Police trying to stem shoplifting problem at area Walmarts


Published: Friday, March 8, 2013 at 3:14 p.m.
Last Modified: Friday, March 8, 2013 at 3:14 p.m.

Once a month, Gainesville Police Chief Tony Jones goes into the community to meet residents and talk with them about crimes that might be plaguing their neighborhood.

Facts

Shoplifting at Walmart

The Gainesville Police Department reported 318 shoplifting arrests at four Walmart stores from Aug. 1, 2012 through Thursday:
1800 NE 12th Ave. (Waldo Road) - 195
3570 SW Archer Road - 88
2649 NW 13th St. (closed Feb. 1) - 31
5700 NW 34th Blvd. (opened Feb. 1) - 4

From Jan. 1-July 31, 2012, there were 231 shoplifting arrests at the Walmart stores:
1800 NE 12th Ave. (Waldo Road) - 177
3570 SW Archer Road - 36
2649 NW 13th St. - 18

On Feb. 7, the chief's initiative led him and other agency officials to walk an unusual beat — the aisles of the Walmart Supercenter at 1800 NE 12th Ave.

Jones went to the store to discuss with the loss-management team ways to combat what GPD called a sharp increase in shoplifting at the Waldo Road Supercenter.

GPD reports show there have been 318 arrests for shoplifting at the four Walmart stores in the city between Aug. 1, 2012, and Thursday. The numbers include both the store on Northwest 13th Street that closed when the new store at 5700 NW 34th Blvd. opened.

Of those, 195 thefts occurred at the east Gainesville store. That is more than all of the other stores combined and more than twice the number of thefts at the next most-targeted Walmart, the Archer Road location.

The number of arrests this year represents a jump from the 231 shoplifting arrests at Walmarts from Jan. 1, 2012, to Aug. 1, 2012. During that period, the Walmart near Waldo Road reported 177 arrests.

Shoplifting is not just a problem limited to the east Gainesville store.

The new Walmart Supercenter at 5700 NW 34th Blvd. opened on Feb. 1, and by 3:30 p.m. that day, a Gainesville man had been arrested on a charge of shoplifting, accused of stealing an MP3 player valued at $79.38.

That followed a trend officials say they have noticed among the retail theft cases. Most of the items stolen are electronics, cellphones, video games and clothing.

Crime prevention officers are working with store management on ways to enhance safety and to prevent shoplifting, GPD spokesman Officer Ben Tobias said.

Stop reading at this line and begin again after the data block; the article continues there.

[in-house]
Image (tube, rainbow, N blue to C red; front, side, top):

He said GPD has advised Walmart employees to change their tactics toward shoplifters. Specifically, the police suggested that employees aggressively contact suspects while they are inside the store before the crime has occurred.

Store officials, however, said they cannot alter corporate policies. Walmart officials declined to comment for this story.

Still, Tobias said, employees are not happy with the increasing level of shoplifting.

"The loss prevention officers are frustrated because the numbers are an insult to them," Tobias said. "They take their jobs very seriously."

GPD crime prevention officer Ernest Graham said the increased amount of shoplifting has less to do with Walmart and more with the demographics of where the stores are located.

Retail stores near Interstate 75 and major roads, such as Waldo Road and U.S. 441, are going to have more problems with shoplifting, he said.

"Every store has an issue with retail theft. Some have it more than others," Graham said.

Graham said the supercenter near Waldo Road has the highest number of shoplifting arrests probably because many of the arrests are juveniles and there are a lot of juveniles in that area.

Also, he said, the store might have a better loss-prevention crew that catches and reports more shoplifters.

Similar to identity theft, shoplifters are always finding new schemes and people are constantly learning new ways to stop them, Graham said.

During his beat walk, Chief Jones said Walmart is an asset to the community. He said he would like to have off-duty officers monitoring the business and parking lot.

"The people in the community have worked long and hard to get Walmart in the community," he said.

Reader comments posted to this article may be published in our print edition. All rights reserved. This copyrighted material may not be re-published without permission. Links are encouraged.

▲ Return to Top